I've written before about the way in which access to the artist's preparatory material greatly informs a view of their work. There was something intimate, and private, and I suspect entirely memorable about being able to see the way in which Angus logged and developed her ideas, sketchy images surrounded by hasty pencilled notes, some of which later became paintings. I'll go back and spend more time with Colour Notes and the sketchbooks another day, if I can.
I was intrigued by a label on the case of ephemera which said something like 'Please respect the artworks'. While I think it was meant as a nice way of saying don't touch, it was kind of odd, as the sketchbooks were entombed in a perspex case, and you couldn't touch them even if you wanted to. (I did want to, of course; there's something so terribly frustrating about being only able to view a single page of a book.) The odd notice immediately made me think of Angus's much-storied sensitivity to criticism of her work. I trust visitors to the show have been duly respectful, and have only made positive comments in front of the work.
Although it really is a terrific show, I thought, not for the first time, that Angus's work is as good in reproduction as it is in real life. It's not something you can say of all artists: my experience of Angus's contemporary Gordon Walters, for example, whose strongly graphic works look great in reproduction, is that a real-life encounter can be breathtaking and quite different from looking at the work in a book. I don't mean this as a criticism of Angus's practice; maybe it's just that so many of the works are quite small, and quiet, and intimate in tone; and the book format, where you can sit down comfortably and look at the images in good light over time does as well for them as viewing in the gloomy spaces of the gallery, when you're on your feet and best behaviour.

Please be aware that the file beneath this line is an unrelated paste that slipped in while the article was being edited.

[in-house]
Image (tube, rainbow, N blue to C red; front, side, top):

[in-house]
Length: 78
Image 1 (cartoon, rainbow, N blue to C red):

(Just on this, I really wish Christchurch Art Gallery would turn the jolly lights up a bit. I know, I know, conservation values and all that: but I would just like it to be a little brighter in there so I could see the art better. I'm hoping that Nicholas Serota's conservation taskforce might change the rules of the game for the better for us all.)
Access to art's an important thing; whether or not like me one's in charge of a small anti-art protester and can only poke one's head briefly into an exhibition, barriers to full engagement with our visual culture are presented not only by dull lighting and steep stairs, but perhaps also more seriously by the absence of an actual National Art Gallery in New Zealand -- though the curators of Rita Angus: Life and Work sensibly haven't let that hold them back. I've said it before, but I will again: more like this, please.